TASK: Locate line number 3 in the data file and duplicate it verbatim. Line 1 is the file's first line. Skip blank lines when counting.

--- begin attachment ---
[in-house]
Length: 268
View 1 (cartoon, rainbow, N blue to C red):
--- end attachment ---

View 1 (cartoon, rainbow, N blue to C red):